Sunday, 21 September 2014
Last updated 2 days ago
Jun 6 2012 | 10:38am ET
Astenbeck Capital Management is in an unfamiliar place: the red.
The $3.1 billion commodity hedge fund, led by former star Citigroup trader Andrew Hall, suffered its second-worst month ever in May, dropping 14.4%. The losses wiped out its impressive first quarter gain and leave the fund down 6.4% on the year, Reuters reports.
Hall called May a "mensis horribilis," echoing—on the occasion of her diamond jubilee—Queen Elizabeth II's 1992 proclamation of an "annus horribilis." Hall, who is also CEO of Phibro Trading, told investors that "we clearly should have sold in May (actually on the first of the month) and gone away but did not."
"Oil prices were particularly hard hit," he wrote. "We have reduced our risk and adopted a more defensive posture," a far cry from Hall's bullish take on oil in April.
Hall had posted gains in his strategy, first at Phibro and then at both Phibro and Astenbeck, every year between 1997 and 2010. Last year, he suffered his first-ever annual loss, dropping 3.8%.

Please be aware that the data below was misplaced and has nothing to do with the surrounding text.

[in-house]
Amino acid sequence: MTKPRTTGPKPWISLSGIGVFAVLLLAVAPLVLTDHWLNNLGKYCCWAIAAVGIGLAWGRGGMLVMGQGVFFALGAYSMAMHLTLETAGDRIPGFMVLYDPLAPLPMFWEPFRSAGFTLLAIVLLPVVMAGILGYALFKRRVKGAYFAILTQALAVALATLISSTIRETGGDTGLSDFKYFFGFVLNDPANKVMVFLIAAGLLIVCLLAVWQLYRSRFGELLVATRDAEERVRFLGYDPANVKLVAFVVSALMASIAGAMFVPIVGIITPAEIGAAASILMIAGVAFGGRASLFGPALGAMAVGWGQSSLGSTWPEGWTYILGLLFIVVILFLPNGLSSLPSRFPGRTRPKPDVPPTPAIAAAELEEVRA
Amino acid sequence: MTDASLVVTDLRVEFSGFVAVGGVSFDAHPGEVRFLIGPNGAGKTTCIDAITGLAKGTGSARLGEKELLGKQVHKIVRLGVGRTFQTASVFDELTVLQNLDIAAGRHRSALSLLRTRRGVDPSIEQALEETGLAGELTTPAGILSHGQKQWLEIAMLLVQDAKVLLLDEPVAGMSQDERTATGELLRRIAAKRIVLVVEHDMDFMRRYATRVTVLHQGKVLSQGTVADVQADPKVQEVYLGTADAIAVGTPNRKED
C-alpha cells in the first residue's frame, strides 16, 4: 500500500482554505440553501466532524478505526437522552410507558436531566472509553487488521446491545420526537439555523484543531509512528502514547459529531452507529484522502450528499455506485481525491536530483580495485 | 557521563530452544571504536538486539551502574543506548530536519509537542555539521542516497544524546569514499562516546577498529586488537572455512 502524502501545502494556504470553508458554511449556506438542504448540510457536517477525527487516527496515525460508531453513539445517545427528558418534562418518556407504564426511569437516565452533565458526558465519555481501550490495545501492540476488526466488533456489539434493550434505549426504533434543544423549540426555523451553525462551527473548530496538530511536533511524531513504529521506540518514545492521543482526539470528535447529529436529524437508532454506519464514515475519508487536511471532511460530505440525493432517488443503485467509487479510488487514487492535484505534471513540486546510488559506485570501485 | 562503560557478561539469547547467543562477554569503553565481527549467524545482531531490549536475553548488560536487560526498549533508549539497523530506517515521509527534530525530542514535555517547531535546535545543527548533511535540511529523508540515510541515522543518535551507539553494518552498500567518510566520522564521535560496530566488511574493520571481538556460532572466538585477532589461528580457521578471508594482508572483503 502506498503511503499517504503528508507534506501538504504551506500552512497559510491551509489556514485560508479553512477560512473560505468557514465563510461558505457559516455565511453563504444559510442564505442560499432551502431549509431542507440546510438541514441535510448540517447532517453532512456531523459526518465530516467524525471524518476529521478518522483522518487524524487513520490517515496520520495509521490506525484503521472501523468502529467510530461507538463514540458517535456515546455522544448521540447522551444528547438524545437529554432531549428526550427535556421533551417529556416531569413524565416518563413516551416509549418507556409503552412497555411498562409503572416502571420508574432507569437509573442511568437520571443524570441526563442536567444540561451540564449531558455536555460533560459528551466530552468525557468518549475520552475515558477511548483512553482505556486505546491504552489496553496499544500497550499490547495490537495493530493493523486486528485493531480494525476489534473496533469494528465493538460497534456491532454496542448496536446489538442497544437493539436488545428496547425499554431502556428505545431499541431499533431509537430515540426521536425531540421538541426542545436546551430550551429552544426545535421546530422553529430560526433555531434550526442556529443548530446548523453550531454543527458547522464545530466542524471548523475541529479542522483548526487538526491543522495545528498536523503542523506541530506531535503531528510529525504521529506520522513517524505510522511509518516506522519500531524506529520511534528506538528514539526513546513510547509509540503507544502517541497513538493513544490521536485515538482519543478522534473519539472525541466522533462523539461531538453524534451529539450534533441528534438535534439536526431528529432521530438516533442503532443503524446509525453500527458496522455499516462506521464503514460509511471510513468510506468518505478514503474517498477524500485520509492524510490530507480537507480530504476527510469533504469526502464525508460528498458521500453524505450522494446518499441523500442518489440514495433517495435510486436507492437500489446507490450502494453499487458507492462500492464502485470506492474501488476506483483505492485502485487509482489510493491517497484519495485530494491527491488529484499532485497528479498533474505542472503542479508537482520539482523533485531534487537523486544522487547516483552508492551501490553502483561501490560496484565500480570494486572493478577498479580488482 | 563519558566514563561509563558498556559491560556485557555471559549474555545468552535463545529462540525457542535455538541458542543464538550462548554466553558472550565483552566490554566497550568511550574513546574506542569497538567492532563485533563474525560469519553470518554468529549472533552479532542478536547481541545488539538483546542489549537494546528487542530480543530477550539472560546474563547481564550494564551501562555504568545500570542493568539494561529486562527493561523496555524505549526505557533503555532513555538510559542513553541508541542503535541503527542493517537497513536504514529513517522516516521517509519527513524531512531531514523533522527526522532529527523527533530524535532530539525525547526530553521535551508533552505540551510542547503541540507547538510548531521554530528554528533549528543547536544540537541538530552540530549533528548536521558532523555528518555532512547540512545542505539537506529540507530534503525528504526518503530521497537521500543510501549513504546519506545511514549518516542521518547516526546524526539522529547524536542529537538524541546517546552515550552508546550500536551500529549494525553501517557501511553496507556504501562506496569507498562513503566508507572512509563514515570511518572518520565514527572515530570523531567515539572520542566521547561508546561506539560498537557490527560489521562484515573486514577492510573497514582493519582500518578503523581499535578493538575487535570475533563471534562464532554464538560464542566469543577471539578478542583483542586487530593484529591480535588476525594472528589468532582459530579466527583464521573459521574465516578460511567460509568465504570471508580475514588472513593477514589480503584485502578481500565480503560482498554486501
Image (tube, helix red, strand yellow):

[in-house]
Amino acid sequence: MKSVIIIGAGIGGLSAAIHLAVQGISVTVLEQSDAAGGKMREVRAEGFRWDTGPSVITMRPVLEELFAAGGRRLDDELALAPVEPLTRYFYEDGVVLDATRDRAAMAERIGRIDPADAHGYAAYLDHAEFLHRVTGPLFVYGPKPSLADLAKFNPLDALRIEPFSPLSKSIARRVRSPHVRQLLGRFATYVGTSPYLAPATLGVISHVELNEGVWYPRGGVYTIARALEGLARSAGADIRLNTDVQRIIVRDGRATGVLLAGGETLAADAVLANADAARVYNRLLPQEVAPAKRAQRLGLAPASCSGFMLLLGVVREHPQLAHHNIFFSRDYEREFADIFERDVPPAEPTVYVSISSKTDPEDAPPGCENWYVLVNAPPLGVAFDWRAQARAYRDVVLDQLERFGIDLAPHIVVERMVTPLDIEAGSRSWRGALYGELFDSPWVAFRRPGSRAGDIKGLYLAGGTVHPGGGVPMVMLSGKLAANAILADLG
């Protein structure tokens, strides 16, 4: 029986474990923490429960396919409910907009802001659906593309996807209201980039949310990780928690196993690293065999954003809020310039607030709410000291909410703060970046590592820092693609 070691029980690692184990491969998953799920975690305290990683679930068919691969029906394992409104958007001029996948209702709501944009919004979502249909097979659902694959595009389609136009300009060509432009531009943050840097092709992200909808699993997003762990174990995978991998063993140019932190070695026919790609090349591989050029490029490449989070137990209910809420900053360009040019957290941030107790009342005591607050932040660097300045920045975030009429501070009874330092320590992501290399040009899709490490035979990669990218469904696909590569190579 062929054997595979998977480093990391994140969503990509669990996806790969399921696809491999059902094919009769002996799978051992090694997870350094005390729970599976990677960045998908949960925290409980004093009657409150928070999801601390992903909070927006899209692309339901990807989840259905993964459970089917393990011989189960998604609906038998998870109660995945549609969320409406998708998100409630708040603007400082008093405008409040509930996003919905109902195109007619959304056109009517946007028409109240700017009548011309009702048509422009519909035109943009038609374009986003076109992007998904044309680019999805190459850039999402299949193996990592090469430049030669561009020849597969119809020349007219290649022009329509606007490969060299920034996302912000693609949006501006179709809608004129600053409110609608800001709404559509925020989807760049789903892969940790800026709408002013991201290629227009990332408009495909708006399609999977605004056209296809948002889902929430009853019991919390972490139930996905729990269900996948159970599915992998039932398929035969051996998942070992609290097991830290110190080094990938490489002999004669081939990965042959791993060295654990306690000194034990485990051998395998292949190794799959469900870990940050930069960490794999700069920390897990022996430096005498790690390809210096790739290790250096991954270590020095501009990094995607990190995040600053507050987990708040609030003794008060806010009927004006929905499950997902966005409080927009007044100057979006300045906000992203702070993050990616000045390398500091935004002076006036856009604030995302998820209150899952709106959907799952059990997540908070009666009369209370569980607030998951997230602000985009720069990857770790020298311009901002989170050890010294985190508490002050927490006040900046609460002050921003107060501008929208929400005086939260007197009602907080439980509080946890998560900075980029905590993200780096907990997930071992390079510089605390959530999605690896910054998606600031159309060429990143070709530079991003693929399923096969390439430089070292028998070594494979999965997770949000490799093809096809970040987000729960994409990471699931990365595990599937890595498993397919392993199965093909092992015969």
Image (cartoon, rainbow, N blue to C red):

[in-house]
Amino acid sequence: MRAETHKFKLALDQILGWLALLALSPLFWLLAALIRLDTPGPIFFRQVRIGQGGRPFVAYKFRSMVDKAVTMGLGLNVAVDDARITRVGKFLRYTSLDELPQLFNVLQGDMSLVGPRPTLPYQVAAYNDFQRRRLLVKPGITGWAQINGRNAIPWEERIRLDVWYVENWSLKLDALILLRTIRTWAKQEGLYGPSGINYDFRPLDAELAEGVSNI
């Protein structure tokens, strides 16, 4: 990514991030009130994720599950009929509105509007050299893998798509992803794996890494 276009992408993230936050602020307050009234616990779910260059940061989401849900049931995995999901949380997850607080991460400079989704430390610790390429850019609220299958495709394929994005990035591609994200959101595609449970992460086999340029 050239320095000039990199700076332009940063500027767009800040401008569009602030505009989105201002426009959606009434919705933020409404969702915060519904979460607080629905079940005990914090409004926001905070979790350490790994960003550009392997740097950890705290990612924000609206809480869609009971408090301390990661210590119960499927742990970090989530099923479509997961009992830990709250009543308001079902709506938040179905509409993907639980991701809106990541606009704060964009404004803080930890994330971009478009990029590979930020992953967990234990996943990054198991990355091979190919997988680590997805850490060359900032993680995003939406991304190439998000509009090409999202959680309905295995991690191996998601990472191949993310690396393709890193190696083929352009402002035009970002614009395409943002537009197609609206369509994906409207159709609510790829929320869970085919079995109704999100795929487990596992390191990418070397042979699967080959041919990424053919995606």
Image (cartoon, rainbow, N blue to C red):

But the firm is used to volatility. It swung from 12% down in August 2010 to finish the year up 12%. Last year, Astenbeck was up 18% through April and down 10% through August. It recovered, but lost 18% in September—its worst-ever month—but managed to get back to even by October before ending down.
Aug 25 2014 | 11:21am ET
As many of you know, FINalternatives was recently acquired by the owners of Futures magazine, a firm called The Alpha Pages LLC. Today marks the soft-launch of a new sister site for both publications. As its name suggests, The Alpha Pages will cover all types of alternative investments, going far beyond the more well-known ones such as hedge funds and private equity. Read more…
Credit default swaps brought down the London Whale and cost JPMorgan $6.2 billion. Here is how it happened.